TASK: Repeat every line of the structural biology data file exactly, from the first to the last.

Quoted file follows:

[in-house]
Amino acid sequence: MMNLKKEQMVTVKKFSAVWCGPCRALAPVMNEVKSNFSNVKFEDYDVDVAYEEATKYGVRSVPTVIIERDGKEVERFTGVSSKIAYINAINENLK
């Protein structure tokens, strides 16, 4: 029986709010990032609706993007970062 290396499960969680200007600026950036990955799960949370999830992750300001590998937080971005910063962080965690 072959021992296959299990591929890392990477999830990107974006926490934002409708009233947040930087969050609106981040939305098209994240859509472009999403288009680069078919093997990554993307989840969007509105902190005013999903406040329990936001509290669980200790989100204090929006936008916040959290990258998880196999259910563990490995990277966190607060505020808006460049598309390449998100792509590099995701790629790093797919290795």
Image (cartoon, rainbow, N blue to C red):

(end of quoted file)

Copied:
[in-house]
Amino acid sequence: MMNLKKEQMVTVKKFSAVWCGPCRALAPVMNEVKSNFSNVKFEDYDVDVAYEEATKYGVRSVPTVIIERDGKEVERFTGVSSKIAYINAINENLK
């Protein structure tokens, strides 16, 4: 029986709010990032609706993007970062 290396499960969680200007600026950036990955799960949370999830992750300001590998937080971005910063962080965690 072959021992296959299990591929890392990477999830990107974006926490934002409708009233947040930087969050609106981040939305098209994240859509472009999403288009680069078919093997990554993307989840969007509105902190005013999903406040329990936001509290669980200790989100204090929006936008916040959290990258998880196999259910563990490995990277966190607060505020808006460049598309390449998100792509590099995701790629790093797919290795």
Image (cartoon, rainbow, N blue to C red):